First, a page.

11 Responses to What DAM system do you use? (poll)

  1. Per Karlsson August 12, 2014 at 17:41 #

    Comment that I have copied from the survey results page. PLEASE LEAVE COMMENTS ON THIS PAGE.

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    Posted by: Sherwood Botsford

    I have used IMatch, and Digikam when I lived in the windows and linux world respectively. I currently use Aperture. Aperture, along with many of the other tools mentioned on this poll aren’t what I would consider full DAM’s:

    * They don’t do anything for non-photos (some will handle video clips)

    * The database is not open enough for other tools to manipulate it.

    * Most cannot handle the export/re-import images for external processing except by manual processing.

    * Most do not have a way to track derivative works. E.g. Master image 1234 has:
    > 3 sub sampled sizes for use on web pages, each separately tweaked for optimum sharpness and colour for that use.
    > A water marked version for catalog purposes.
    > A black and white version optimized for use in print media.

    * Nor do most of these products have good methods built in to track licensing and publication.

  2. Per Karlsson August 12, 2014 at 17:42 #

    A comment that I have copied from the survey results page. PLEASE LEAVE COMMENTS ON THIS PAGE.

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    Posted by Clive McM#

    Like many, I find that Lightroom concentrates too much on photo-editing. But I would like an alternative to Expression Media.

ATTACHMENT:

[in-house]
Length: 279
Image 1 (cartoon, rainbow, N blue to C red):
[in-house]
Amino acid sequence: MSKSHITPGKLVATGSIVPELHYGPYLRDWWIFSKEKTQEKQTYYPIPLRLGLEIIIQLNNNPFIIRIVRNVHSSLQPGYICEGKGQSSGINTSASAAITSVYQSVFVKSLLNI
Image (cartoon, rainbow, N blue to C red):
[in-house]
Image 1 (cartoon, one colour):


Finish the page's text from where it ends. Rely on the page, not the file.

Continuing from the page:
3. Andy M August 12, 2014 at 22:33 #

    My need for a DAM is relatively new. I discounted SQL having had numerous problems over the years with SQL linked to CRM software.

    I ended up with Media Pro and Daminion. After about a week of using I preferred Daminion as it is fast and reliable, it is also being developed all the time.

  4. Steve Austin August 13, 2014 at 09:42 #

    FileMaker Pro (FMP) works exceptionally well for all media and as an office system but you need to design it for your needs either by learning it or hiring someone to do it for you with their modules. It will keep a CRM system and image database with licensing and billing cataloging and searching with organizing and refining searches for images, letters author or by almost anything in any field related to the document, image, client, photographer, date, keyword, caption, etc. It is all dependent on how the internal databases are created and set up. We are a working stock house so even photographers and employees can be managed through it.

    If you are familiar with Bento, FMP can be set up with similar templates/layouts but with much greater functionality across more data and databases. in fact if you used Bento you can move right in to FMP.

  5. Steve Austin August 13, 2014 at 09:49 #

    Through scripting of functions FMP can be setup to interface and preform actions through photo-shop and other software for almost any purpose.
    You can import and export data in many ways including excel for various reporting functions

  6. Laura Dwight August 13, 2014 at 13:44 #

    I use Lightroom and FMP in combination. From the comment here it seems I could be doing a lot more with FMP!

  7. Peter Glass August 13, 2014 at 22:18 #

    I have been using StockView by HindSight for eight years or so. I’ve never used anything else, so I can’t make any comparisons to other DAM programs (I did look at Lightroom which, unfortunately, lacks some important functions and should not be considered a DAM program). I have been well satisfied with StockView, with it showing only occasional glitches.

    I do have two major concerns. A quote from the HindSight website “Your InView & StockView software depends on Panorama as the database engine to make
    it all work.”. In other words, once in awhile (really not very often), you may have to deal with the company Panorama as well as the company Hindsight for a particular issue. That’s when things might get a little tricky.